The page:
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Pasadena Playhouse lists $102,000 in cash, $2.3 million in debts

May 11, 2010 |  9:44 pm


PasadenaPhseCamelotPaltera The Pasadena Playhouse's Chapter 11 bankruptcy filing shows that it owes $2.3 million, most of it to subscribers, bankers and vendors, but has just $102,000 in cash and savings.

Playhouse officials weren't commenting Tuesday, after the filing Monday night in U.S. Bankruptcy Court in Los Angeles. But executive director Stephen Eich said theater leaders plan to share their "concept" for righting the ship soon. The playhouse has been closed since Feb. 7.

On first glance, it looks as if the Playhouse's problems reflect a truism among nonprofit organizations: that it's much easier to raise money for buildings than for ordinary operating expenses.

The evidence: Of the $7 million in total assets that the Playhouse lists, $5.9 million is pledges to an expansion campaign that was announced in 2007; an additional $840,000 is the value of capital improvements already done or in progress on the theater's current leased facilities.

The expansion campaign envisioned a 300- to 400-seat theater, designed pro bono by Frank Gehry, to go with the 1925-vintage, 684-seat main stage and the 86-seat Carrie Hamilton Theatre. A bundle of promised money was forthcoming for what Gehry might create, but what was lacking, literally, was money to keep the lights on.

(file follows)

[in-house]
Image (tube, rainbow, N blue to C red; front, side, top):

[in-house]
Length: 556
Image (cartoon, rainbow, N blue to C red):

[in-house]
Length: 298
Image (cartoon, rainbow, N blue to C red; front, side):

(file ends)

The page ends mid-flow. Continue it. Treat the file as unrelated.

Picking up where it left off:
How well the company's attempt at a fresh start turns out will probably depend first on donors' enthusiasm for the less glamorous business of making sure that ordinary bills get paid -- and then on audiences' appetite for the shows those hypothetical backers bankroll.

For the full story, click here.

-- Mike Boehm 

Related

Pasadena Playhouse will close Feb. 7

Pasadena Playhouse begins hosting performing arts events, but recovery still uncertain

Sheldon Epps: Play it again

Photo: The audience awaits a performance of "Camelot," the last pre-bankruptcy production at the Pasadena Playhouse. Credit: Stefano Paltera / For The Times.


 
Comments () | Archives (1)

If the playhouse is able to regroup from this reopen, I just don't see how they can realistically offer season tickets again. Especially if they are unable to reimburse people adequately.

Season tickets holders are already getting hard to find across the country but, things like this will make people even more skittish.

Season brochures will have to come with disclaimers in small print:

All shows and times are subject to change.
Without notice theatre may close up overnight.


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